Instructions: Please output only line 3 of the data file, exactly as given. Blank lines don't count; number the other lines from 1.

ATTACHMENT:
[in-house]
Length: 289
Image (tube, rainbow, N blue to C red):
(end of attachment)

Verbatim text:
Image (tube, rainbow, N blue to C red):